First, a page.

Just over one year ago, we dropped our first print release on 1xRUN with Matt Eaton. For his second run, Matt has created a series of 13 beautiful mixed media pieces on wood panel. Each one totally unique, hand crafted layer upon layer, using a variety of techniques and media. Each 16"x16" piece comes framed and ready to hang on your wall, right out of the box.
This piece is based on transcripts and radio transmissions received by the Judica-Cordiglia brothers in Turin Italy during the early 1960's.. In particular, Soviet space missions that were locked away, forgotten about and hidden behind the iron curtain. Many of these transmissions were of failed or problematic attempts. Voices of dying cosmonauts as they burn up during re-entry, much like Yuri Gagarin's friend and predecessor, Vladimir Komarov. One story was especially intriguing to me, not for the details, but for the lack of details. Just a fading heart beat and slowing breath wrapped in a crackling 60's radio wave. This, combined with the fact that the signal had no relative speed, meaning that it was moving directly away from earth is fascinating to me. The loneliness and crushing despair of being the first unintentional human ambassador to deep space. Amazing. Perfectly preserved in the icy darkness. No one will ever know the true fate of this person, or the real facts of the matter, or if it's even true, but the idea alone was enough for me to draw inspiration from. So, Salute, Spasibo, Kampai, Fisehatak, L'Chaim!, Prost , Cheers or whatever you say...a small token of appreciation for all the explorers and adventurers throughout our short history, who's names will never be known, and those who's names we should remember more often.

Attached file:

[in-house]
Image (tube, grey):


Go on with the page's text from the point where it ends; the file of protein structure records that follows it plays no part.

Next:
Having spent his formative years moving to and from cities like Los Angeles, London, New York and Detroit, Matt Eaton became compelled to investigate his surroundings. While trying to find some familiarity and comfort in these new places, he became fascinated with local signage, lettering and advertising.
This quickly lead to a deep admiration for graffiti and the layers of old ads plastered on walls of buildings and subway tunnels. The decay of once new and seemingly important information and how quickly it is forgotten and plastered over have become a major theme in his work. This imagery became a traveling companion of sorts, never having to be left behind and waiting to be enjoyed in every new place he found himself with bright friendly colors and interesting new themes.
The process of mixing these mental images with memories of sayings and quotations that he associates with certain areas and people allows him to use his training in calligraphy and graphic design to produce personal snapshots of his life experience. Having long ago stepped away from the active world of graffiti, Matt still uses techniques and materials native to graffiti culture, as well as painting on wood which allows him to explore more realistic and natural textures and layers while being able to control surface quality.